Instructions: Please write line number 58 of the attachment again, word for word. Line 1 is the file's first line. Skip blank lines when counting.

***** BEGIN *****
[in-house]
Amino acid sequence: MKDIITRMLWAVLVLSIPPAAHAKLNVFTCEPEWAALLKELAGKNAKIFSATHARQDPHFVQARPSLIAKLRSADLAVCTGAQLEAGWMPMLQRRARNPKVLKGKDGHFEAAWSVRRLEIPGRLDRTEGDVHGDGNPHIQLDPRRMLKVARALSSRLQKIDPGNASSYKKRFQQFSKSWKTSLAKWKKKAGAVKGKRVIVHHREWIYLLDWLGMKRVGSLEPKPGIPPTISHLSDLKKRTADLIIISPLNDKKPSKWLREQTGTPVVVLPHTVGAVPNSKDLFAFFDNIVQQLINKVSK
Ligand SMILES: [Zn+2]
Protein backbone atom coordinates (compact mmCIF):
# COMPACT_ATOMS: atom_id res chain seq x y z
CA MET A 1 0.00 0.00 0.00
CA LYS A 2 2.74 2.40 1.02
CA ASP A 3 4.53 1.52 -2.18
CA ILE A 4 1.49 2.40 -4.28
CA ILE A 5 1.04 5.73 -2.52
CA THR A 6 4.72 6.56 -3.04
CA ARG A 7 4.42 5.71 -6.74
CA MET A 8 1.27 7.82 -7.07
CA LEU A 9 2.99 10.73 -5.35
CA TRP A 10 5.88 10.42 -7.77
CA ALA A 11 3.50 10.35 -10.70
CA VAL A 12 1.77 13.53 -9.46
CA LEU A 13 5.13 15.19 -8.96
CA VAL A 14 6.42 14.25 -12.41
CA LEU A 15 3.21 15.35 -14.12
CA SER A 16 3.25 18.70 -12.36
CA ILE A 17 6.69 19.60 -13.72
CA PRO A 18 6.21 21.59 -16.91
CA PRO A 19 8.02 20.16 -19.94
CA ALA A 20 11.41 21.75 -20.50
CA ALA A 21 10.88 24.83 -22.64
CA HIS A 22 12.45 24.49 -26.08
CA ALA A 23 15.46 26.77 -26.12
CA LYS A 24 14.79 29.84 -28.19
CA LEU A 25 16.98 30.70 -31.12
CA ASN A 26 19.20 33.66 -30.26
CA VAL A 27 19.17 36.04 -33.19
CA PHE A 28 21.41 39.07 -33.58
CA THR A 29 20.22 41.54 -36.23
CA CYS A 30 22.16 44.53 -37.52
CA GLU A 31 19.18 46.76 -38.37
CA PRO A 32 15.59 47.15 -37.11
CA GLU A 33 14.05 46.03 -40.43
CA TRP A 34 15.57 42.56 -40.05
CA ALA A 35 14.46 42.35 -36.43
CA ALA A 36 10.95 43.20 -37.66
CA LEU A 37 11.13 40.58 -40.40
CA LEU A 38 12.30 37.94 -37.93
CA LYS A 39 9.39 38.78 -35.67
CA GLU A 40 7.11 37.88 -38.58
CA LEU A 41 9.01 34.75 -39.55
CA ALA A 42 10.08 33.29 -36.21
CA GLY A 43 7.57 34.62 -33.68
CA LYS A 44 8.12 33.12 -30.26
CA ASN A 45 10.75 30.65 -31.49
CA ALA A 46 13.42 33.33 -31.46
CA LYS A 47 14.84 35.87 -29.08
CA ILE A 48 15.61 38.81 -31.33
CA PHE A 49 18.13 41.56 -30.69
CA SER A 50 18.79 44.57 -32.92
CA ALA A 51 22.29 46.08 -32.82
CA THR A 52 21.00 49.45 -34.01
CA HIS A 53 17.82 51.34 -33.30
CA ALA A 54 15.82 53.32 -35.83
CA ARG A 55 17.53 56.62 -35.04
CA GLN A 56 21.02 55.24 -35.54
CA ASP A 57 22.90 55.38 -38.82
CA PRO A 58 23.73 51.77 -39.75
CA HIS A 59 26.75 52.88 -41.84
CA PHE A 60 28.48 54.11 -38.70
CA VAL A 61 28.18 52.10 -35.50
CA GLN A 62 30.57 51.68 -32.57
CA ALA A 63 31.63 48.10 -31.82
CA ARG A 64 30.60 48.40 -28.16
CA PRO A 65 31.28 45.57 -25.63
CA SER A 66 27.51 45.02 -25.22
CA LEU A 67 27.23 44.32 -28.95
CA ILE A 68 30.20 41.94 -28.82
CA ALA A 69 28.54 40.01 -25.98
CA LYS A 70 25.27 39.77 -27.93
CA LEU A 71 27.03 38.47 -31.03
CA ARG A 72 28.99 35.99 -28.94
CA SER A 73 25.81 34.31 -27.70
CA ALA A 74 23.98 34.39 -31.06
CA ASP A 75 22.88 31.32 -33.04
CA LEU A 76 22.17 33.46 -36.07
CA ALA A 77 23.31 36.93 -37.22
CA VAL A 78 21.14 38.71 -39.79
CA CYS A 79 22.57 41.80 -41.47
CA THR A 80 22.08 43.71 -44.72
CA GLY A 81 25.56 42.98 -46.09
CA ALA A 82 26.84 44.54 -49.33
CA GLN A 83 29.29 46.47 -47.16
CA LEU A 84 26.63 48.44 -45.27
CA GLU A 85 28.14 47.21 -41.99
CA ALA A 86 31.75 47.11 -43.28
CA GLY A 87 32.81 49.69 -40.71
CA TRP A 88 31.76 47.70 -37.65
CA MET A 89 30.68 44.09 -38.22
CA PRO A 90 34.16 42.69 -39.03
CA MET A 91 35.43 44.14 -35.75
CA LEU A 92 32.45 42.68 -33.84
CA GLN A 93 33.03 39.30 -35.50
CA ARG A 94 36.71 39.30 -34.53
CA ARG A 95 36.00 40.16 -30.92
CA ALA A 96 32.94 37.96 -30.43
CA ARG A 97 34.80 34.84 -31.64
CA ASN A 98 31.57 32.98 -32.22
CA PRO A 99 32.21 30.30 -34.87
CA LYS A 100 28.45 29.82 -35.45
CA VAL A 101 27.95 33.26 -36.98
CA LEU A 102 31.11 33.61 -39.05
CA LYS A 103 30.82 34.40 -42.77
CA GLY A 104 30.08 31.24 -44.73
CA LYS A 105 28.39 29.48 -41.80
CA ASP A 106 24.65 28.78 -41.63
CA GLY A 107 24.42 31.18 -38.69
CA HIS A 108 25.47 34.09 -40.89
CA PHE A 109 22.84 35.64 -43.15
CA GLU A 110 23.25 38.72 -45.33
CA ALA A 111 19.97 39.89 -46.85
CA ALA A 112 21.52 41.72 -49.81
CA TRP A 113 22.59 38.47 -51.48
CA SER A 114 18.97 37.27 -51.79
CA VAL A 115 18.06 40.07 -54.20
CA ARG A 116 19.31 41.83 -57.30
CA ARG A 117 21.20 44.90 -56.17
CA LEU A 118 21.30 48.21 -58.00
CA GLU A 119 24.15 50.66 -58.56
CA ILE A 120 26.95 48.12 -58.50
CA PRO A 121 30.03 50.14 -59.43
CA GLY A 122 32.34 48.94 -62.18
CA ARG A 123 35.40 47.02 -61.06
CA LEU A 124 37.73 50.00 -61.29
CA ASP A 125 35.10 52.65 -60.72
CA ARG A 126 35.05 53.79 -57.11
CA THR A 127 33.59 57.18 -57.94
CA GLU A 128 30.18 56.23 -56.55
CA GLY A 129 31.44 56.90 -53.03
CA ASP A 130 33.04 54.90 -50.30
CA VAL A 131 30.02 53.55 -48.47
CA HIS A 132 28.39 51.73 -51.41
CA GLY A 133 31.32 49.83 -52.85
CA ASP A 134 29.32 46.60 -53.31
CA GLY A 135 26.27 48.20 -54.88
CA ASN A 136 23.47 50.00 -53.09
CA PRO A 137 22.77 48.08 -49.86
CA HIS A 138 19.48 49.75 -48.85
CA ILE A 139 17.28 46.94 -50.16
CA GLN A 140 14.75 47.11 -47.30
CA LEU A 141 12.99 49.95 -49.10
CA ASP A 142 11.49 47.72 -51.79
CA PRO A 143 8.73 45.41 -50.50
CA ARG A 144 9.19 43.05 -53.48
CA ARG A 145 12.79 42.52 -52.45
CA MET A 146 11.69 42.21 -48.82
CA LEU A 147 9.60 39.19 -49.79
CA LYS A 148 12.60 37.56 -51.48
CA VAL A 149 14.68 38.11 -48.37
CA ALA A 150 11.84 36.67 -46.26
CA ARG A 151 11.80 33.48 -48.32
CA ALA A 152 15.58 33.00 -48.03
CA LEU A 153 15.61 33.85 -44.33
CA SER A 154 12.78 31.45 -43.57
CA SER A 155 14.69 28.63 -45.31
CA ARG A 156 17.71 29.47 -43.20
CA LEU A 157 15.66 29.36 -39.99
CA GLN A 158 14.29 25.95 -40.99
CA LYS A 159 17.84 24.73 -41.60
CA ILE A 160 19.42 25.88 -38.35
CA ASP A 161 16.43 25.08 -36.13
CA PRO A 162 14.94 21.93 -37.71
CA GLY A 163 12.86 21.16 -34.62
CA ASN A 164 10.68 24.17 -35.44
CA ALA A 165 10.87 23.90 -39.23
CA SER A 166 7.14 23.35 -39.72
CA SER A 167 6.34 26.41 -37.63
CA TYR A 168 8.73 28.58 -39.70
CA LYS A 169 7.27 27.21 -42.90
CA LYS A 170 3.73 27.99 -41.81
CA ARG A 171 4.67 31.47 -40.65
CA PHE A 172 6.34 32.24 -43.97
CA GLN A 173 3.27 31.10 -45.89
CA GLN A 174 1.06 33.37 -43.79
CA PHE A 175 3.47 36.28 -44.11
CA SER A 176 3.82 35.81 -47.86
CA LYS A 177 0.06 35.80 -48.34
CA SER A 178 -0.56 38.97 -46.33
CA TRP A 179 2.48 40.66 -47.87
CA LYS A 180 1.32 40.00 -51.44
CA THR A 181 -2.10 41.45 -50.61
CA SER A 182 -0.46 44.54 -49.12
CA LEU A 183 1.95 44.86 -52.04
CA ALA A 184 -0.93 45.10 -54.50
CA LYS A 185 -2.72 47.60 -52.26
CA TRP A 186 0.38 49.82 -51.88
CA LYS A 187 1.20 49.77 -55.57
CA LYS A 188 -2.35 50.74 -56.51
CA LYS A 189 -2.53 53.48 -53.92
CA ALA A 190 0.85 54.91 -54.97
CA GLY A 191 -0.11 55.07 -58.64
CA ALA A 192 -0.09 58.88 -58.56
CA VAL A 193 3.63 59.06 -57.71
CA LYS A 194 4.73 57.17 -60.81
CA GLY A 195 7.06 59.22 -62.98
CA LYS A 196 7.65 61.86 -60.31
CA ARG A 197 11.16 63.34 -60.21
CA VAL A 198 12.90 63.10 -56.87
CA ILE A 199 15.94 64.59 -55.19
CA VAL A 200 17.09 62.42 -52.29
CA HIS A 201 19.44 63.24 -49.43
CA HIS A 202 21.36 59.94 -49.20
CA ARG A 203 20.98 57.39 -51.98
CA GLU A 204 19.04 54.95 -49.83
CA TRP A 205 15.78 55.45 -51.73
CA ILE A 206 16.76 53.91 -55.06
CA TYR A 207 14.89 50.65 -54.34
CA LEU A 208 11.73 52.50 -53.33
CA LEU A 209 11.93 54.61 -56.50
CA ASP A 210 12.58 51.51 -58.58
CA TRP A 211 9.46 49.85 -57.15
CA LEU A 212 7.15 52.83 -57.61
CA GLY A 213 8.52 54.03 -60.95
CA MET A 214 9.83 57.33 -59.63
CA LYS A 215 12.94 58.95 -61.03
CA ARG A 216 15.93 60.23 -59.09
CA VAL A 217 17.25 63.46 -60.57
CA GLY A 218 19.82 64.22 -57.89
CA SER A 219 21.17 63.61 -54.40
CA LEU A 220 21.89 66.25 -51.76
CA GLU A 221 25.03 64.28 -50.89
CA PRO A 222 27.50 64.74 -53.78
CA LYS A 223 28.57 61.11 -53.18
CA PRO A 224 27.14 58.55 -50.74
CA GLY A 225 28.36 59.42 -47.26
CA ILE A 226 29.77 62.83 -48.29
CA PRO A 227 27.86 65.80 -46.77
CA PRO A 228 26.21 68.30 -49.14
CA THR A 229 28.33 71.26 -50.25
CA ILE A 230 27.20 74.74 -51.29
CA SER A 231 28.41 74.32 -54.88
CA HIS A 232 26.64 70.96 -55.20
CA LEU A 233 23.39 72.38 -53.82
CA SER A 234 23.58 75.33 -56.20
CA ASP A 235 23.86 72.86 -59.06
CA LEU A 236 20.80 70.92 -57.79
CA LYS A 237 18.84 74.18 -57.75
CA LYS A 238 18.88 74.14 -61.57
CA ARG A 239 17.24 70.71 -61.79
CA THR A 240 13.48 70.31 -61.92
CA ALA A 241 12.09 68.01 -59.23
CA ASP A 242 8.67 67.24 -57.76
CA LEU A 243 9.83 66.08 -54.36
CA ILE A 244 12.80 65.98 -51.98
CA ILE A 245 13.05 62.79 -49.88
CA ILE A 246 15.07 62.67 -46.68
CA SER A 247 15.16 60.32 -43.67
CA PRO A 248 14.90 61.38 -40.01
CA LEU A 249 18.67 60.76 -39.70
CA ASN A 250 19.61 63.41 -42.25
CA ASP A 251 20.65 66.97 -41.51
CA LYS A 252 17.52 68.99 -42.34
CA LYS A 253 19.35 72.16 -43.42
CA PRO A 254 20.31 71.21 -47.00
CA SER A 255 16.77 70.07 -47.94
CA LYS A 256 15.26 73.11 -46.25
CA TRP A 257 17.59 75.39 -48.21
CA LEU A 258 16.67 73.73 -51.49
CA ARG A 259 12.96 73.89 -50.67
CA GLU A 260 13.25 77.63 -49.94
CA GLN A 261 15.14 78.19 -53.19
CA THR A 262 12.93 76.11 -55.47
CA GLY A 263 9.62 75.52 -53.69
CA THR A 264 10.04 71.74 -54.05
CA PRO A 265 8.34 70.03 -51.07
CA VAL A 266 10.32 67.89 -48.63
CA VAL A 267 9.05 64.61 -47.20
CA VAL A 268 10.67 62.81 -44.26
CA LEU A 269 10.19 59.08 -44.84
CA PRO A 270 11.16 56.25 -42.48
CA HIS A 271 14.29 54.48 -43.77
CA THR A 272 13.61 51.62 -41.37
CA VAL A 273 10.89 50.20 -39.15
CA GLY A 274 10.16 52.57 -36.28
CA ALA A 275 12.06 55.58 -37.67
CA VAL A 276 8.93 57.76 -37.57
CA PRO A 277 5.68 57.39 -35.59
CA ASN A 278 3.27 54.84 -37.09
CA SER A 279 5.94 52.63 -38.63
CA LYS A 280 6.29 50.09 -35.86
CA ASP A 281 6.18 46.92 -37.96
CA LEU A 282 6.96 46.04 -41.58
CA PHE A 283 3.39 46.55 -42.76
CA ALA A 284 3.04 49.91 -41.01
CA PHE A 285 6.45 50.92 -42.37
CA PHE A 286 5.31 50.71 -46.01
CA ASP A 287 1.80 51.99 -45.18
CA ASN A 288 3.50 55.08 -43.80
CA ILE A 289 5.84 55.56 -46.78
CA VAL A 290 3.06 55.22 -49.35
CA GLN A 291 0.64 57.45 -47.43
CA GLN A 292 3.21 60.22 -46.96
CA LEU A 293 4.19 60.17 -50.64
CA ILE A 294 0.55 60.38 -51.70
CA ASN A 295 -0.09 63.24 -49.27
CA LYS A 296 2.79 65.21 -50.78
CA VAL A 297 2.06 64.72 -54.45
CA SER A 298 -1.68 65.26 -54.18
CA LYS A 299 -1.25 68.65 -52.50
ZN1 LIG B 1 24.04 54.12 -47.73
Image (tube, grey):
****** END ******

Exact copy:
CA HIS A 53 17.82 51.34 -33.30